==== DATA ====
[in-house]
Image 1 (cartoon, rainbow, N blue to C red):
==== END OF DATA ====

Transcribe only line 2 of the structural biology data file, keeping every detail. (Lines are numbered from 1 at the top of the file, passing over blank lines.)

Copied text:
Image 1 (cartoon, rainbow, N blue to C red):